With a nod to comedian Dennis Miller (his pre-conservative days), I don’t want to go off on a rant here, but I like my antiquated flip phone just fine. Smart phones aside with all their bells and whistles, my dumb phone has been my saving grace from a myriad of distractions and temptations. My wife now begrudgingly agrees.
Just so you know, Cheryl and her smart phone are inseparable, just as our little rescue dog Iggy is attached to her hip. If we’re watching a film and trying to place an actor, the routine is this: I close my eyes, try to picture the face and utter, “Now, if memory serves me right …” Yet in a flash, her smart phone is out and spewing details of the actor, their life, a current head shot and what their preference for breakfast may be. So much for working the old grey brain matter and testing the memory circuitry.
I can live with that. Well, to a point.
Now as both she and I emerge from the stone age and start paying our bills online (further marking the demise of snail mail) one has to remember that it’s not a perfect cyber world. The other day, Cheryl noted that it seemed we’d paid our current cable/internet/phone provider bill twice. She attributed it to a misstep in forming the online account – entering an incorrect number in the processing phase.
Easily corrected, though. Or at least one would think. On her smart phone after voicing her frustration, she dialed our provider’s 800 number and went through the prompts, her goal being placed in touch with an actual customer service rep and not a algorithm-driven solution center.
Me, I just left the room and left her to her own – no pun intended here – devices. Savoring a cup of coffee in my office and getting down to writing, I could hear the not-too-distant thumps of frustration and muted curses.
Now, my wife just retired after 40 years of teaching art and this is a time for her to destress and enjoy life. The provider, it seems, was not going to have any of that, at least for the moment.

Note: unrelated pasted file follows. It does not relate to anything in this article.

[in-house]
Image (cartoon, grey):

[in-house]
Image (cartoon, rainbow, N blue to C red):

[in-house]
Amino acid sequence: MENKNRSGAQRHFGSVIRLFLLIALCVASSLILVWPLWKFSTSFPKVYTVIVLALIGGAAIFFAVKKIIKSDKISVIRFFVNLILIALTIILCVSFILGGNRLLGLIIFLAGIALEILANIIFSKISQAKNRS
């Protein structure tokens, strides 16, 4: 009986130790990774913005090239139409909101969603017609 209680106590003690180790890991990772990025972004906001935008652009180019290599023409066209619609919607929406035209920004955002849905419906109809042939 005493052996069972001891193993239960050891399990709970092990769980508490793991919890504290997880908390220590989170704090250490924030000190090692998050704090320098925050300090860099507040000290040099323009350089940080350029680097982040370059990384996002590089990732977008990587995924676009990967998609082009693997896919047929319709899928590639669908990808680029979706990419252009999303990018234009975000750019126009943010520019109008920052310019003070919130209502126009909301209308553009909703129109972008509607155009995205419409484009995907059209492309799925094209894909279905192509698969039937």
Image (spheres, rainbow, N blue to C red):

I made my way cautiously into her art studio.
“Is there a problem?” I asked.
“A problem? YES, there’s a problem! This stupid thing won’t let me speak with a human being!”
“It’s a smart phone. Now it’s suddenly stupid?”
“Don’t you be smart!!! It keeps prompting me to an online chat and then wants a pin number … and … and …. it won’t recognize the pin number and I’m now on hold and I can’t disconnect the call!” She waved her smart phone at me and pointed to the different icons, as if I could navigate the problem and stumble across a solution.
“Don’t look at me. I’ve got a dumb phone, remember?”
“All I want to do is speak with a live person! I’ve tried doing this FIVE times and it keeps returning me to the online chat. I need to chat with a person, not a computer program!”
It’s not that the veins were sticking out on my wife’s forehead — just her neck. I’m not sure if the algorithm grew tired of her lack of response or actually processed her muted curses, but it did after a painful minute or two disconnect the call.
My wife raised her hands in exasperation.
“Let me try something,” I said, reaching for my dumb phone. I dialed the 800 number, worked through the prompts asking me if I spoke English or preferred Spanish, Mandarin or Klingon, entered a pin number and asked for a customer service representative. A computer-generated voice informed me that due to unexpected volume, there would be a delay in speaking with a representative and patience … Just then, there was a ring and Jennifer was on the line.
“Hi, I’m Jennifer. How may I help you?” The lilt in her voice was soothing.
“Jennifer! One second please while I put my wife on the line.” I smiled and handed Cheryl my dumb phone. She glared at me and rolled her eyes.
“Dumber is as dumber gets.” I said and left the room. I think that’s what Forrest Gump was alluding to.
After a 15-minute conversation, all was resolved, one payment was processed, the other deleted and all was right again with the world.
Cheryl pressed the point home to her newfound friend Jennifer that resolving the issue with a living, breathing customer rep was impossible on a smart phone device and company online chat and that it took prehistoric technology for a one-on-one conversation to take place. “Jennifer,” my wife said later, was particularly embarrassed over the logic of her argument.
We recently treated ourselves to a new outdoor gas grille since our last one gave up the ghost. The model I chose had an interesting option: Using your smart phone, it had a sensor that could regulate both heat and cooking time.
“Way cool option, don’t you think?” said a young and perky hardware store clerk.
“Maybe, my friend, but not for me.”